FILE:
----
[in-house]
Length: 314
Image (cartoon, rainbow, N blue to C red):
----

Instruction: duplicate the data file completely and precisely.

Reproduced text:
[in-house]
Length: 314
Image (cartoon, rainbow, N blue to C red):